V539. Consider inspecting iterators which are being passed as arguments to function 'Foo'.


The analyzer detected code handling containers which is likely to have an error. You should examine this code fragment.

Let's study several samples demonstrating cases when this warning is generated:

Sample 1.

void X(std::vector<int> &X, std::vector<int> &Y)
{
  std::for_each (X.begin(), X.end(), SetValue);
  std::for_each (Y.begin(), X.end(), SetValue);
}

Two arrays are filled with some values in the function. Due to the misprint, the "std::for_each" function, being called for the second time, receives iterators from different containers, which causes an error during program execution. This is the correct code:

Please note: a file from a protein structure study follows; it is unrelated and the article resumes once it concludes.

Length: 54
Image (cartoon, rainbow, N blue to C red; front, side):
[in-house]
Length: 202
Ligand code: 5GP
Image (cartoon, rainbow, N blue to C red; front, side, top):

std::for_each (X.begin(), X.end(), SetValue);
std::for_each (Y.begin(), Y.end(), SetValue);

Sample 2.

std::includes(a.begin(), a.end(), a.begin(), a.end());

This code is strange. The programmer most probably intended to process two different chains instead of one. This is the correct code:

std::includes(a.begin(), a.end(), b.begin(), b.end());


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